Wednesday, 19 August 2009

Binge - The Lighthouse

When I was told that Fullerton was going to re-open what was once San Marco into yet another Italian restaurant, I must admit I suppressed a yawn. (Sorry, C – being honest here.)

Another Italian place? We need another one, just like we need another ERP gantry. But having since been there twice – within a three-week period – I stand thoroughly and head-smackingly corrected. And I have fallen in love with The Lighthouse at the top of The Fullerton Hotel.

Remember the old San Marco? Broodingly dark? Well, this is totally different – floods of cheerful sunshine, seriously great food and happy people as your service staff.

Nothing particularly exciting concept-wise, but this trinity coming together so well is monstrously rare in Singapore.

Toss in a 180 degree view of the marina, and it’s up there in blinking lights for me. And one more thing I like about this place – it’s got a sincere, happy, welcoming spirit and you feel it from the time you walk in, to the time you walk out and throughout the meal in between. (Seriously, after 19 years in this business, I am so tired of pretentious, so-stylish-it-hurts type places trying to be too cool for your business!)

It had been some time since I last ventured up there, and travelling up the box of a private lift to the restaurant, I encountered a cook who walked in at the ‘in-between floor’. Confused, I asked if I had reached the restaurant yet, but he offered most helpfully that no, it was the kitchens and the toilet. “How hygienic are you guys then?” I asked. “We are very hygienic indeed,” he gamely replied, and offered some historical information about the kitchen once being the living quarters of the lighthouse caretaker and thus the toilet conveniently next to it. The current restaurant by the way is where the beacon itself was located. Friendly chap, I thought.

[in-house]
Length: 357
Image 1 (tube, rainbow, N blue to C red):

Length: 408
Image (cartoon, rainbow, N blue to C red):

The cook turned out to be the main man himself, Chef de Cuisine Diego Martinelli who – I soon discovered - churns out stylish, exquisitely executed, keel-over-and-die good Italian cuisine – particularly his red meats. Leave the more pedestrian pasta aside, for while it is excellent, simply cannot beat his grilled pork cheek ($36), which – being totally, gravely serious – was unbelievably good, easily the best in town. Juicy, melting, tender, it was as comfy and seductive as an unhurried afternoon nap. This was served with a blob of pumpkin puree with a crispy bit of apple.

Next best thing on the menu is the wagyu beef tenderloin($44) – equally mesmerizing with its juicy, tender meat, served with creamed celeriac – a classic side – sautéed vegetables and porcini jus. Which underlines the fact that if the main attraction is that good, you don’t need other novelties to help it along.

Of the pastas (if you really need one after those meats), the tagliolini with prawns, zucchini and tuna bottarga ($35) was pretty enjoyable though the butternut tortellini ($36), a house specialty, was so sweet and thick I almost fell off my chair. If you like your main course sweet and sticky though, this would be the baby for you. I liked the appetizer of rucola, green apple, walnut and fennel salad with grilled ricotta ($20), and the beef carpaccio, leisurely indulgent in a tai-tai sort of way. Nice with some bubbly in the afternoon.

For dessert, go for the balsamic vinegar sautéed strawberries with lavender ice cream ($18) and the tiramisu ($15), which is non-alcoholic by the way and end with a digestif of strawberry and basil infusion ($18) made by the restaurant staff themselves.

On National Day, I pottered over to The Lighthouse again to try their brand new Sunday brunch, only into their second week.

Once again, the restaurant outdid itself. Brunch was a la carte dishes but with free flow wine and prosecco. While the menu held most of the lunch items, there was also a hearty Tuscan tomato bread soup ($16), poached eggs Florentine which was perfect in all its simplicity ($18), and steamed mussels with tomato, chilli and capers served with bread ($20). All lovely. Three of us dined with four courses each and the bill came up to only $330. That’s good value. Definitely a must go.

Oh yes, and one more secret. Ask to have dessert and coffee at the rooftop after dinner. A fantastic view with a top of the world feeling – very romantic, but only if you don’t have vertigo.

8th floor, The Fullerton Hotel
1 Fullerton Square
Tel: 6877 8933


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